A native of South Australia, Breakey moved to Austin, Texas, in 1988. She completed a Master of Fine Arts degree at the University of Texas in 1991, where she also taught photography in the Department of Art and Art History until 1997. In 1999, she moved to Tucson, Arizona. In 2004, she received the Photographer of the Year award from the Houston Center for Photography. She now regularly teaches at the Santa Fe Photographic Workshops, and The Italy ‘Spirit into Matter’ workshops.

 

Breakey’s landscape images—selected from a life-time of photographing all over the world—were published by Etherton Gallery in a catalogue entitled Slow Light. She also works with gold-leaf to produce modern-day versions of an archaic photographic process called Orotone.

 

Juror’s Statement

My first thought when I am asked to jury a photo show is “what an honor and privilege.” My second thought is “who in his right mind thinks I am qualified.” Then when the work arrives I think, “OMG, how can I possibly choose from so many truly excellent images?” Believe me, I agonize over the selection process. The worse part is that I inevitably have to eliminate very good work. This is difficult because I know first-hand how much rejection hurts, and I never want to discourage anyone.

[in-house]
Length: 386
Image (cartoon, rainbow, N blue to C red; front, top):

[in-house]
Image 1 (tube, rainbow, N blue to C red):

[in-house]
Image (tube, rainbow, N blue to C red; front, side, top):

So, how do I choose? What makes me select one image over another? This is complicated. To start with, I am human, so I have personal tastes and aesthetic preferences that can’t be put aside. There are the obvious things that are necessary—mastery of the medium, use of light, composition, the message, the imagination and artistry applied. A combination of all these are required to make an image powerful. But, I pick images that interest me for other reasons that are harder to put one’s finger on. It is very difficult to be ‘original’ in a world full of images, especially when advertising constantly borrows from fine art in order to appear fresh, quirky and alternative. To me, however, these images have a slick coolness that isn’t convincingly genuine because they are selling us something. This is to say, I am jaded from seeing so many contrived, clever, provocative but soul-less images everyday. I am much more drawn to images that have ‘heart’—that make me want to look longer because there is more to the image than meets the eye, because an individual cared to make something that was meaningful to them and understood their intention in doing so. As image-makers, we hope our work moves someone to want to understand something too subtle for words. I choose images that I think do this, and therefore make me want to come back to them again and again.